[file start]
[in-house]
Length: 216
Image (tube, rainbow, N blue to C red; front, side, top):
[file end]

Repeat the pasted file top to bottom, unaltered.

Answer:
[in-house]
Length: 216
Image (tube, rainbow, N blue to C red; front, side, top):